5G and bipartisan infrastructure law could help end digital divide


By Hazel Trice Edney

(TriceEdneyWire.com) – The past two years have underscored what we already knew: America’s digital divide is real and has consequences for millions of Americans. An affordable and reliable connection is imperative to participate in the 21st century, and families that rely solely on mobile access are falling behind. Often they cannot attend online classes or seek out a career opportunity that offers the option of working remotely. And as more and more services, job applications and infrastructure move online, the gap is only widening.

This digital divide is one that crosses geographic, racial and class boundaries. Most often, those who do not have access to a reliable broadband connection live in the rural areas of our country. In urban areas, access is not an issue, but affordability is for many low-income families – a challenge that disproportionately affects minority communities. Data shows that black and Hispanic adults are less likely than white adults to have high-speed internet at home. And while 92% of adults who earn $75,000 or more a year say they have broadband at home, that number drops to 57% among those with annual incomes of $30,000 or less.

According to a study by the Joint Center for Political and Economic Studies, “More than 7.2 million children in the United States live in homes without computers, including more than 1.84 million black children… In the United States, 34% of black adults do not have broadband at home. , and 30.6% of Black households with one or more children age 17 or younger do not have high-speed Internet access at home (more than 3.25 million Black children live in these households).

Therefore, while it is good news to see that broadband prices have come down over the past five years, there are still millions of Americans who cannot afford an Internet connection at home. Fortunately, two new developments from the public and private sectors can help solve this problem: the bipartisan Infrastructure Act and the nationwide rollout of 5G home service.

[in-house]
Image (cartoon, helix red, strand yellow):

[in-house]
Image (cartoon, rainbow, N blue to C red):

Bridging the digital divide has been a priority area for President Biden. The bipartisan infrastructure package signed last year contains billions of dollars aimed at tackling not just broadband access, but also affordability and adoption. $14.2 billion of this funding went towards the creation of the Affordable Connectivity Program (ACP), which offers a $30 rebate to help low-income consumers and families pay for Internet service. In many cases, ISPs offer CPA packages that are effectively free and, to date, more than 10 million households took advantage of these significant discounts.

The infrastructure bill also provides $65 billion to help bring broadband to the many unserved and underserved parts of the country where there is little or no service to be had at any cost. States are currently working on plans in coordination with the National Telecommunications Information Administration (NTIA) to finally connect parts of their cities and states that have languished with poor connectivity for decades.

One of the solutions to connect these homes is new: 5G for home broadband (also known as Fixed Wireless Access or FWA). Similar to your phone connection, 5G home is a wireless connection, quickly deployable and cost effective technology that leverages new nationwide 5G networks to deliver home internet access at cable-like speeds.

Many people who live without the internet don’t have the luxury of waiting for a technician for one, let alone two, visits. The ease of use of 5G for home broadband solves this problem. It relies on the user for self-installation, with some carriers report an average installation time of less than an hour.

Today there are more than 2,800 fixed wireless service providers in the United States. The number of companies entering the market dramatically increase competition and drive down the price of broadband even further. FWA packages are generally priced lower than cable internet rates and this new competition is a welcome development for low-income families.

The Biden administration’s broadband connectivity goals are intrinsically linked to the successful and widespread deployment of fixed wireless access. We’ve made a historic investment to make broadband affordable through the CPA and to make broadband accessible to all Americans. This landmark investment, coupled with 5G home internet service, means a better digital future for all of us, regardless of race or income level. A fair digital future is within reach.


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